By , September 12, 2011 3:55 pm
On Friday we finished what was 5 weeks of Spanish Class for me, and 6 weeks for Ashley. We took our classes at the Cooperativa Spanish School located just up the hill from the Santiago Dock. The school (or escuela) is located in the middle of a well kept garden full of flowers and various fruit bearing plants including lemon trees and coffee plants. Inside the garden there are roughly a dozen thatched roofs covering an equal number of tables and twice that number of chairs. All instruction here is 1 on 1 with a qualified instructor (as in university trained). As for the school itself, I really have nothing but good things to say.  However, since they are not paying me to write this, I'll try to keep it brief:
  • The instructors are friendly, helpful and knowledgeable.
  • A portion (10%) of all tuition is given out as food aid to 20 different needy families in San Pedro. As a student, you are given the opportunity to visit one of these families and deliver the food yourself every second week.  A very rewarding experience.
  • The school is not just for foreigners. The teachers also teach Spanish to the local population, many of whom speak only their indigenous Mayan Language.
  • Outside of class time, they provide free activities several nights a week. The general staples are movies on Tuesdays (illustrating Central American history, sometimes graphic, always tear-jerkers), salsa classes on Wednesdays and conferences on Thursdays (where a live speaker comes to speak about and answer questions on a topic of local importance in Spanish).
  • Other excursions the school arranged at minimal extra cost.  Examples include a kayaking trip to the beach, traditional weaving classes, zip-lining, a coffee plantation tour, and hiking to the top of two mountains (the Indian Nose and the San Pedro Volcano).
I'd like to thank Scott and Shawna from Get Up And Globe for telling us about this school, we thoroughly enjoyed our time here.

Mike and his teacher Lucy

What we learned in 5+ weeks:

When we first started looking into Spanish Classes, we really wanted to know just how long we would need to take classes for until we could speak Spanish. Our goal was not just to be able to order a drink in a bar or book a hotel room, but to be able to actually have a conversation with someone. To give you an idea of where we started, here are a few of the things we actually said in Spanish because we didn't know any better:
She believes in fish Where I live it is very plate Can we room tomorrow one night corn
We were truly that good.

Ashley and her teacher Flores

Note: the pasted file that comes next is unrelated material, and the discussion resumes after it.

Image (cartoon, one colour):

So, after 5 weeks of study, you're probably wondering if we've reached our goal. Honestly, not quite, but we are close. I think the knowledge base is there, it's just a matter of getting out there and practising. We can generally understand most of what is said to us and we can get our point across fairly well too.  Unfortunately, it still takes us a fair amount of time to think of the words we are trying to say and to conjugate our verbs.  Most of what we require now is practice. Personally, I think 5 weeks has been a great introduction to Spanish. For me, it wasn't until about half way through week 5 that I was able to understand almost all of what was being said to me.  Any less, and I could still get by, but I wouldn't have been nearly as conversational as I am now. Here's an idea of the language concepts we learned to say. Of course, we can also turn them into questions or negate them. I do this I'm doing this I have done this I had done that I will have done this I probably did that I did this I was doing this I am going to do this I will do this I might do this I do this for you I do it Do this Really, a good chunk of the practical parts of a language. There's still a lot more lessons for us to learn, for example on my last day of class my instructor estimated that it would take me another 3 weeks to complete their program. I may go back to class if I find there are a few concepts I can't wrap my head around, but it seems to me the more I practice the better I get, and the rest may just fall into place without the need for more direct instruction.

The teachers of Cooperativa and our giant selves

3 Responses to “Spanish Classes in San Pedro La Laguna”

  1. Awesome that you loved it guys!!!! It will be many moons away, but we will no doubt be there ourselves. Safe travels!

  2. Mike Lenzen says:

    It was great, thanks again.

  3. […] on recommendations from our friends Shawn and Nichole. We passed this on to fellow Saskatchewanites Mike and Ashley, and they had nothing but good to say about it either. In truth we couldn’t find a Spanish […]

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